Other parts of this toolbox deal with how government works, how non-profit organizations can move their concerns onto the public agenda, and the skills and knowledge necessary to develop and promote good public policy initiatives. It is often the case, however, that organizations have to put energy into building a "head of steam" behind their public policy agenda item. They need a public push to be heard. For the CCRA Information Circular on Political Activity, click here.
In the business sector, many companies use government relations departments and staff to ensure that their issue is heard and business associations regularly marshal their members to encourage the government to act in a certain way. Voluntary organizations also may need to marshal their constituency in order to effectively participate in the public policy development process.
The Voluntary Sector Initiative's Advocacy Working Group uses the definition of advocacy proposed In Working Together: A Government of Canada/Voluntary Sector Joint Initiative – "… the act of speaking or disseminating information intended to influence individual behaviour or opinion, corporate conduct, or public policy and law". The Advocacy Working Group's position paper on advocacy explains why advocacy is so important to the voluntary sector.
"We believe that the history of advocacy parallels the development of democratic societies. In Canada, individuals have always come together through voluntary associations to help each other and to share their ideas, values and beliefs. The natural outcome of this is for people to promote (advocate for) change in many areas of public interest. The result of this is a society that evolves as it responds to the needs of its people, communities and environment. For a copy of Working Together, click here.
This form of advocacy is at the core of the voluntary sector's work. It is the articulation of the vision toward which sector organizations are working, while also providing services and delivering programs. The sector would be negligent if it failed to communicate this vision and recommend the policy changes that are required to achieve it." For a copy of the VSI Advocacy Working Group's position paper, click here.
Charities in Canada can become involved in lobbying, direct and indirect advocacy and other forms of non-partisan political activity. In most cases, a charity can devote up to 10% of cash and human resources to such activity as long as it is ancillary to their charitable objects. For more on the Advocacy Working Group, click here.
Community-based organizations (CBOs) often cite a variety of practical obstacles to doing advocacy. First, a CBO's staff are often strapped for time. Given all that needs to be done to provide direct service and raise money, who has time for advocacy?
There's no easy answer, but there are some practical solutions for organizations committed to doing it. Advocacy ought to be part of what a direct service organization does day to day, not an extra tacked on to an already too long "to-do" list. For more information on how to be heard, click here.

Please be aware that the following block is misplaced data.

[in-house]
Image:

For example, a service provider could automatically have its clients hand write letters to members of federal or provincial governments in support of the program that funds its services.
Lynette Lee, executive director of East Bay Asian Local CDC in Oakland, Calif., said her organization made a commitment to fight proposed federal cuts to anti-poverty programs. She and her staff solved the "too-much-to-do" problem by freeing up the time of one staff person for one day a week to do policy work. It's that person's responsibility to stay on top of legislation and to keep other staff members and tenants informed. Making advocacy part of the job description of a single staff person helps keep an organization accountable to its goals.
A second major obstacle to advocacy is that many foundations are loath (or afraid) to fund it. Many prefer service delivery, and shy away from organizing and advocacy. For a list of Canadian foundations that support policy development, click here.
There's no easy answer to this problem. But it doesn't have to keep you from doing any advocacy. It can be funded by grants for general operating support (usually not from government): it is not illegal to use foundation money for advocacy, as long as they know how it is being used. It can be funded by money from individual donors and special events‚a hot issue can motivate a lot of gifts. You can find other ways to describe this work to funders. Because advocacy can lead to changes that help low-income individuals, in a very real way, advocacy is a service to your community. Organizing itself is a service: it involves bringing people together regularly, giving people a chance to know their neighbors, offering people opportunities to acquire useful skills such as running meetings, thinking strategically and much more. We sometimes forget about these other benefits of our work.